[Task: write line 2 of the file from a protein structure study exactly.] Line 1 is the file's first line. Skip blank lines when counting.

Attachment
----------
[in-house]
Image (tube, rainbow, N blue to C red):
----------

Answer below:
Image (tube, rainbow, N blue to C red):